The VW logo is seen on the front of one of dozens of new Passats made at the Chattanooga Volkswagen assembly plant parked outside the plant. These cars will be used as demos for testing, internal quality control and press test drives.Staff Photo by John Rawlston/Chattanooga Times Free Press
Volkswagen’s Chattanooga auto assembly plant is the first factory in the U.S. to achieve Leadership in Energy and Environmental Design (LEED) platinum certification, officials said today.
The $1 billion facility also is the first automotive manufacturing plant to achieve the top LEED badge, which represents the highest level of environmental performance recognized by the U.S. Green Building Council.
Frank Fischer, chief executive of Volkswagen’s Chattanooga operations, said the LEED platinum “is the fulfillment of a promise Volkswagen made...to this community to work in harmony with the environment.”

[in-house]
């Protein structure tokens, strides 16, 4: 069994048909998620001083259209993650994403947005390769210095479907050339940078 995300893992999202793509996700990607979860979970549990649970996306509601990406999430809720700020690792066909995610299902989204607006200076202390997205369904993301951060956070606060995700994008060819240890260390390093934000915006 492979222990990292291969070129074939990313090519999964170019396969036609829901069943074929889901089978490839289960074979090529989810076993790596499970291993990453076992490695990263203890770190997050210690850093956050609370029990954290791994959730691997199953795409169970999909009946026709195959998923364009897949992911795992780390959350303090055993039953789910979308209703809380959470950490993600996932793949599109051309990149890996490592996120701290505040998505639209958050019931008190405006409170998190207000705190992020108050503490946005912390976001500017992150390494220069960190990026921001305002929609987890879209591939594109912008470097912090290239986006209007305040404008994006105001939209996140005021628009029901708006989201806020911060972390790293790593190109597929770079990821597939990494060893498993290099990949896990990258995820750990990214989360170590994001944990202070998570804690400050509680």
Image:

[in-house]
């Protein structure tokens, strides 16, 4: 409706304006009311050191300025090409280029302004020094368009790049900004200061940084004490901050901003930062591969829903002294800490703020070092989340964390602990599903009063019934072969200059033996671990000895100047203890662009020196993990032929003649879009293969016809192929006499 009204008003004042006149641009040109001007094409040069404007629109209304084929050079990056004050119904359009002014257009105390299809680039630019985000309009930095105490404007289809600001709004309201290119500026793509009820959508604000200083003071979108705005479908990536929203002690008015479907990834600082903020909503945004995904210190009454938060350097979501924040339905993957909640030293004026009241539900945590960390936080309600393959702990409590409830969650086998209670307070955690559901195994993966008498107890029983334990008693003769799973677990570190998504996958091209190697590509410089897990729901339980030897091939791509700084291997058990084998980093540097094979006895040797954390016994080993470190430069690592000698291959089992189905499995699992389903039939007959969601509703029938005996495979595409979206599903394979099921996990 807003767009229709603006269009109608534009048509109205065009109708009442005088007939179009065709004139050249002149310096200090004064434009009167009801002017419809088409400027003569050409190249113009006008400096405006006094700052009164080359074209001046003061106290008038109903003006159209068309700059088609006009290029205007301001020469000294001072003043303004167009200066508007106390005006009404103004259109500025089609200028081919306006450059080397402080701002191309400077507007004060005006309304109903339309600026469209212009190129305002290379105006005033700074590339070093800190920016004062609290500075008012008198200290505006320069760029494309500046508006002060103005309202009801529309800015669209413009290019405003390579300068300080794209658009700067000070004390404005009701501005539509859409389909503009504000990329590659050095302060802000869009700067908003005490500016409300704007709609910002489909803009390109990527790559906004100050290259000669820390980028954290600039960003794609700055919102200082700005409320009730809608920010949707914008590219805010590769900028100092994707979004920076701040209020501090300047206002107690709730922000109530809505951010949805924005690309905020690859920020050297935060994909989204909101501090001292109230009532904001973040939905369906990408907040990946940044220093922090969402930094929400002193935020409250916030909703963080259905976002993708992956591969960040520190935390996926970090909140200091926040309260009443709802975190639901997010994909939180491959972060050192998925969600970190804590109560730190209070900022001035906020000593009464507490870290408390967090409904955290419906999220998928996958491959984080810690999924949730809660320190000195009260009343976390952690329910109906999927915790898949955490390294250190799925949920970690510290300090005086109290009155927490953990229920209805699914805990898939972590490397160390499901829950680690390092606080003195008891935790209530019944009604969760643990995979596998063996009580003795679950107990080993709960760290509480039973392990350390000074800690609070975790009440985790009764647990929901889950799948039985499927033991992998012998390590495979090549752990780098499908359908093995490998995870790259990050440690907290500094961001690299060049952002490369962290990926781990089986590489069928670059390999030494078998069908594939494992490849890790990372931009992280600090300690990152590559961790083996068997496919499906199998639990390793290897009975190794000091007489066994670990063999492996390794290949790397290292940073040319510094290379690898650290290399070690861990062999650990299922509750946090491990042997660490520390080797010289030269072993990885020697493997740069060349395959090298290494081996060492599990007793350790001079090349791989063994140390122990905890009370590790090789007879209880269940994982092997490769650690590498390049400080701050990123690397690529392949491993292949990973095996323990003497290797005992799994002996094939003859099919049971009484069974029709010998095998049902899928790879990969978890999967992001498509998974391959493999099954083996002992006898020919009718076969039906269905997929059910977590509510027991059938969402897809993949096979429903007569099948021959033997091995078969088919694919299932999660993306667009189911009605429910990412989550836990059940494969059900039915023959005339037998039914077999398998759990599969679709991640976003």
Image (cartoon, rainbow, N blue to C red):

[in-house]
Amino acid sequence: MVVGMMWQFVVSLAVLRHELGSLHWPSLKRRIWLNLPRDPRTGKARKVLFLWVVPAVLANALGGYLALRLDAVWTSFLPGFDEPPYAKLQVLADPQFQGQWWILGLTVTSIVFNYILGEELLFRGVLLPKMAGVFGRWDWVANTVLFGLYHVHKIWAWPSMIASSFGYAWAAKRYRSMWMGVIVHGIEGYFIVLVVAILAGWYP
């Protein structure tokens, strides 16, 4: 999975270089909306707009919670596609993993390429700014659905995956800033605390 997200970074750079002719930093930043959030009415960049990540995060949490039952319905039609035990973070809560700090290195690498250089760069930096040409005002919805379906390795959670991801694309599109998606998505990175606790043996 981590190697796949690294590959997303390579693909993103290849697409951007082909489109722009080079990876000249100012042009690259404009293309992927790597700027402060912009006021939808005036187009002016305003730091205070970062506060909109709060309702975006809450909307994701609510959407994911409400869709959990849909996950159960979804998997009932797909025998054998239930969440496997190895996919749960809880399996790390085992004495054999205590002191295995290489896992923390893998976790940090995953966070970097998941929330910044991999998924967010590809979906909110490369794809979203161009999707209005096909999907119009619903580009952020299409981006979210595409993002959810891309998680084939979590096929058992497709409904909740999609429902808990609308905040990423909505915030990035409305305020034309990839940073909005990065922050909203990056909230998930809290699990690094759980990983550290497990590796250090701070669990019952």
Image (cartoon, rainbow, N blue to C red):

At the plant, the paint shop alone will save 50 million gallons of water over the next decade. The plant is also about 40 percent more energy efficient than a typical manufacturing facility in America, Volkswagen officials said.
Dr. Jan Spies, head of factory planning for Volkswagen worldwide, said “the plant is very much the benchmark within Volkswagen.”
Mike Pare, the deputy Business editor at the Chattanooga Times Free Press, has worked at the paper for 27 years. In addition to editing, Mike also writes Business stories and covers Volkswagen, economic development and manufacturing in Chattanooga and the surrounding area. In the past he also has covered higher education. Mike, a native of Fort Lauderdale, Fla., received a bachelor’s degree in communications from Florida Atlantic University. he worked at the Rome News-Tribune before ...